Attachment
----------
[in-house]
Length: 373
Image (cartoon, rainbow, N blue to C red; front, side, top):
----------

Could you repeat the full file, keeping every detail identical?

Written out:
[in-house]
Length: 373
Image (cartoon, rainbow, N blue to C red; front, side, top):